On a sclip to the flyers
In 2006 Stuart Pessok, Managing Editor of the trade’s biggest selling newspaper Taxi ran a series entitled ‘We Speak Your Language’ in which he invited readers to submit examples of cab slang in an attempt to keep the language alive.
He put together a ten-page glossary of the cabbie’s lexis.
[I]t was divided into locations and buildings, ranks and shelters, drivers, cabs, passengers, the Public Carriage Office (The Knowledge and subsequent technicalities), money, the police and miscellaneous. Thus he produced the bible of the cabbie’s universe.
The Bell and Horns cab shelter will resound to tales of trapping a job as you set down a punter at the Shakespeare during the kipper season and take a bowler-hat to the Inside-Out Building only to find that he is a bilker.
Driving a cab is a lonely profession, for much of your working life is spent with only strangers for company. So when cabbies meet colleagues it is hardly surprising that much banter takes place.
As London’s cabbies have been working the streets for nearly 400 years it should come as no surprise that the trade is rich in parochial slang. We learned acolytes of The Knowledge have our own language, although, since it stems from a closed, occupational group it should properly be referred to as jargon. In this case it is taxi-speak, which seems to have existed since the mid-19th century. It is, one might suggest, the ultimate take on ‘London in Slang’.
A butter-boy whose a Gantville Cowboy can easily find him (or her) self fouling the rank, which is not that he has enjoyed a curry the previous night. The Grapes of Wrath are a common occupational hazard another is finding one caught short. Should this happen when you are near the Aztec Temple the Iron Lung is but a short drive away. This is a urinal in Regency Place opposite Portuguese Tony’s Café where you can have a splosh with other mushers.
Jargon proper comes from within: the drivers and the vehicles. An owner-driver has been a musher since the 1880s; the cab roof being equivalent to a mush, an umbrella. The Gantville cowboys: predominantly Jewish cabbies who live around Gants Hill, Newbury Park, Ilford and Claybury; Copperarse or Leatharse: one who works long hours hence the condition of their trousers; Butterboy: a novice, likely to be that butter that won’t melt in an innocent mouth, this cabbie jargon, like many words is used by other professions, in this case the police.
To suck the mop is to be left on a rank when everyone else has got jobs (literally trips, figuratively passengers). Ranking on a long ’un is driving around in search of fares and hanging it up waiting outside hotels, lights off, ready to jump on the Billy Bunters (punters; an old squirt is an ageing gent, a mystery a young woman). A shtumer, originally a bad cheque, is a booked job that on arrival has evaporated.
Driving your sherbet you might be given a shtoomer by your radio circuit or at Harabs when on point you could forget to hit the zeiger (the meter maker’s name) when a punter gets in which would mean that you would do a stalker as you duck and dive through the Dirty Dozen in Soho.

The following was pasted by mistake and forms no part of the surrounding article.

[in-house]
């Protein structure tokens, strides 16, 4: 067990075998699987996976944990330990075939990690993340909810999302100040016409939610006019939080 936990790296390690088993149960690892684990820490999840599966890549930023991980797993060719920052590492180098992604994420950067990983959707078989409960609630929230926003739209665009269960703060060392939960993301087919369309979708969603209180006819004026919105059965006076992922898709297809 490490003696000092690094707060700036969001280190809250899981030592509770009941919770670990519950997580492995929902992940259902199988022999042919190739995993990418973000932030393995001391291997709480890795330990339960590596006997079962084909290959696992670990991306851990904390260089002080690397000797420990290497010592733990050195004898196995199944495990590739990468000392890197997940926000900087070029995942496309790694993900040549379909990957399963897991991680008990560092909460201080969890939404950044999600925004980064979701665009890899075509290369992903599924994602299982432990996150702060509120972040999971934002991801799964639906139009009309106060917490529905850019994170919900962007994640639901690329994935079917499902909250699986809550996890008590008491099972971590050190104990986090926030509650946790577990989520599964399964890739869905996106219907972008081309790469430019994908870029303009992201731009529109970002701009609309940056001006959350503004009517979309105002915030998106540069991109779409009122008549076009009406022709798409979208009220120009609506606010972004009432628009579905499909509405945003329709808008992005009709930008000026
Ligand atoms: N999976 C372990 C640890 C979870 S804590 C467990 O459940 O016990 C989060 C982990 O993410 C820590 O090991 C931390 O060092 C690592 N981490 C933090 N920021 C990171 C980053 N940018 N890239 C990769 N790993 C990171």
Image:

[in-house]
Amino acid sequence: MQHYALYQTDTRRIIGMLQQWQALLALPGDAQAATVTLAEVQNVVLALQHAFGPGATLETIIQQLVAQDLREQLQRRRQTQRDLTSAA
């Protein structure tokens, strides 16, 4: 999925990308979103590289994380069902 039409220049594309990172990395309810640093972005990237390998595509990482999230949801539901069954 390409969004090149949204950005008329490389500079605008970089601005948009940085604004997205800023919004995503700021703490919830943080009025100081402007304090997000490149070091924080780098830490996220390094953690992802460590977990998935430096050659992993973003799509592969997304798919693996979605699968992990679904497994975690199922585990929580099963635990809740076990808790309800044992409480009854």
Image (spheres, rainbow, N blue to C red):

Many nicknames for the destinations and ranks seem to have fallen into disuse: The lines of cabs that once marked The Ditch (Fleet Street) are no longer needed. The punning and disinformational terms have fallen out of favour. Bishopsgate: the Athenaeum wherein crowd the senior clergy; The Deaf and Dumb: the wartime ministry of information, The Flowerpot: Covent Garden market. Harley Street was The Resistance: as in fighting c. 1945 against the nascent NHS.
The Dirty Dozen refers to twelve streets that take you from Regent Street to Charing Cross Road without using Oxford Street: Crossrail has seen that one off. It’s a long time since anywhere in Soho qualified, as once did Archer Street, as Poverty Corner, the poverty presumably being that of the musicians who sought work there, rather than the drug dealers who traded amongst them. Admirals the name of Dolphin Square which has mansion blocks bearing the names of maritime heroes. Dead Zoo unsurprisingly refers to the Natural History Museum. Anyone who has been involved in lengthly litigation would like the name given to the home of many top solicitors’ offices Bedford Row – Shark’s Parade.
New ones have been invented The Wet Doughnut for the Diana memorial and the unlamented bendy-buses were dubbed sixty-foot accordions. The cab itself, better known as a sherbert (dab) has been given the moniker after a popular modern author Sandy McNab, while many of the old hands still refer to it by it Russian-Jewish name a droshky.
London cabbies once called the minicab men touts or scabs if they were illegal and little people if not. Now their cars are big and shiny, determine themselves ‘private hire vehicles’ and pose as cut-price challenge the traditional cabbies. Do Addison Lee’s drivers have their own jargon? Is any among them likely to collect it? It is unlikely as has happened with the London Taxi profession.
Sarf London boy Graham Gates who passed The Knowledge in 1992 has continued compiling the original list started by Stuart Pessok and has written a book on this fascinating subject London Taxi Driver Slang published by Abson Books. Be Lucky!